This winter Jon and I have become fairly obsessed with skate skiing. We have been classic skiing (a type of Nordic skiing) since 2012. At the end of last year, we went to Play It Again Sports and each bought a pair of used skate skis and poles. We were both looking for a new challenge, and since skate and classic skiing are done on the same trail systems, it seemed natural to give skate skiing a try.
Nordic Skiing – not just for Nordic countries!
First of all, what exactly is Nordic skiing? For the unfamiliar, Nordic skiing is done on groomed trails. A typical Nordic ski area is located in a mountain range with rolling topography. It is comprised of several looped trails with warming huts along the way. The trails and huts are woven into the forests, hillsides and valleys – providing a quiet and scenic experience.
At 10-15ft in width, Nordic trails are wider than a hiking footpath. They are groomed by a machine which compacts the snow to create a flat, relatively hard path in the middle, and plants a set of parallel ski tracks on the side of the trail. Skate skiers use the compressed snow in the center, classic skiers use the ski tracks
Unlike downhill skiing where momentum is gained from gravity and grade, Nordic skiers must create their own momentum in order to travel up and down rolling hills.
There are two types of Nordic Skiing:
The classic skier has wider skis and uses her poles for balance and momentum while pushing the skis forward – one at a time with a slight pause at the transition from one ski to the other. Efficient movement is accomplished by keeping the skis parallel and pointed forward, guided by the tracks. The center of gravity is higher, which lets the classic skier lift her feet more and lengthen her stride.
The skate skier moves by achieving an unnatural combination of a perpetual squat and a continuous glide balanced on one ski at a time. The skier must seamlessly transfer weight and balance from one foot to the other without ever stopping the ‘flow’ of the glide. Basically, while your left leg is gliding, you must lift your right leg in preparation to take over the momentum. The skis are fixed in a V-shape and require a lot of power from your legs to push yourself down the trail. Poles are used for momentum. There are several different techniques, but that is the basic idea.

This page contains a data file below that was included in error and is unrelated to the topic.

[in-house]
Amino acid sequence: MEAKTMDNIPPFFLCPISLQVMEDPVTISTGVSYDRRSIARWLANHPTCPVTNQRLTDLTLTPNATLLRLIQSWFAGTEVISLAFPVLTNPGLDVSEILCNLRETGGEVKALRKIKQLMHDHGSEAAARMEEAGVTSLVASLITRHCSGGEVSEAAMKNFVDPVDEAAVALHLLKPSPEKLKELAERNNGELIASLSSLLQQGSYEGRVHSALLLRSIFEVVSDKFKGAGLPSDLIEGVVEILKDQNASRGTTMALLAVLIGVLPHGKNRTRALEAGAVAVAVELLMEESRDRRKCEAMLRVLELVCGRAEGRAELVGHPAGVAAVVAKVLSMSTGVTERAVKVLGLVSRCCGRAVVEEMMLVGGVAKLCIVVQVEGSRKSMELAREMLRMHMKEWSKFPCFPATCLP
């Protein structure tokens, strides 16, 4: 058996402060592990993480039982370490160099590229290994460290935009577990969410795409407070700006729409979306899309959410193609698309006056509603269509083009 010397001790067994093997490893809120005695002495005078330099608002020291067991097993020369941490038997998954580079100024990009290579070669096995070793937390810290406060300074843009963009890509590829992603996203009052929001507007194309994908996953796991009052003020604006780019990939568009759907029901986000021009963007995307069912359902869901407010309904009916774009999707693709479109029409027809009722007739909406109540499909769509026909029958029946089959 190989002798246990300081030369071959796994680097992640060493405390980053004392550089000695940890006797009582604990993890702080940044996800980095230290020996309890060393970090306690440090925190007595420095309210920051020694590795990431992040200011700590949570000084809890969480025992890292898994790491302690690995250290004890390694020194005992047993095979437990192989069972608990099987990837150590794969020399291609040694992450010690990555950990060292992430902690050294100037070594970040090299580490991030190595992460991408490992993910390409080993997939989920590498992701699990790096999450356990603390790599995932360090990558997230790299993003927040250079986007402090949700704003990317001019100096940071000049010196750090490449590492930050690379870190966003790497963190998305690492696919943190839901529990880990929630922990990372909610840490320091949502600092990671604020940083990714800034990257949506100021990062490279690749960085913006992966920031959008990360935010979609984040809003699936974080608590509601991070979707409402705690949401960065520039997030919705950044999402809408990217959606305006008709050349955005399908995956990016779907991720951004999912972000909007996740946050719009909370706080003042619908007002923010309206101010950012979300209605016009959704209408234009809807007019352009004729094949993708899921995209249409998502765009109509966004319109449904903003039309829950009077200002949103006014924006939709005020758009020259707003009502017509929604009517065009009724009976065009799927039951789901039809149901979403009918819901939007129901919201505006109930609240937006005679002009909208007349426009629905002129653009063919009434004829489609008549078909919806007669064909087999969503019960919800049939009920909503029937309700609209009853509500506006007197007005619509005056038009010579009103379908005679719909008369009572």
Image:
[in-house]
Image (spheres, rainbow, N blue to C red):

I love to skate ski because it demands excellent balance and full body coordination. It is also a really intense workout, as it is both anaerobic and aerobic, leaving you exhausted and sore at the end of your day. Truly, the health benefits of skate skiing cannot be understated. The combination of both anaerobic and aerobic exercise requires skate-skiers to have exceptional endurance, but also lots of power and strength in the legs and arms to control and maintain speed. Professional Nordic skiers have the highest VO2 max out of any sport at the Olympics!
Skate Skiing is Fun
Skate-skiing is exhausting. It takes practice to get the technique down. It is an outdoor sport that is only done in the coldest months of the year. It can make you feel uncoordinated and slow with no reward of going downhill fast. If the snow quality sucks, it’s even more exhausting than normal. It requires both cardiac endurance, and physical strength – at the same time, the whole time. Let’s be honest, that kind of sounds like a sufferfest.
Wait, why is this fun?
It’s all about the endorphins! Science has done a good job of confirming what fanatics like me already know – it just feels amazing to be exhausted by exercise. It has so many physical and psychological benefits, it is difficult to list them all in one blog post, so here are the reasons why I keep coming back to the exhaustion and exertion of skate skiing as a source of happiness:
Skiing for Mental Health
By Friday, I’m pretty fed up with my life: work, the routine, bills/money, and social interactions. The constant energy it takes to be around people has sapped my ability to be the compassionate, nicer version of myself.
Additionally, I have the worst habit of replaying upsetting things in my mind over and over again. I reminds me of a little boy I saw in the climbing gym. His Dad put him on a climb, and as he’s climbing up, he becomes more and more frustrated, but out of fear, he can’t stop. Finally, he yells out to the universe: “this is the worst kind of torture!”. I feel for him! Stop it brain, this is torture! Stop repeating that story, for the love of God! Skate skiing acts as a necessary and needed reset for my brain. Full days exercising in the mountains is really effective at helping me let go and find perspective once life again.